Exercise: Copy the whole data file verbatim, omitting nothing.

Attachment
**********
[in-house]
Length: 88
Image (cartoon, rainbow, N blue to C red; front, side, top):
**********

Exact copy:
[in-house]
Length: 88
Image (cartoon, rainbow, N blue to C red; front, side, top):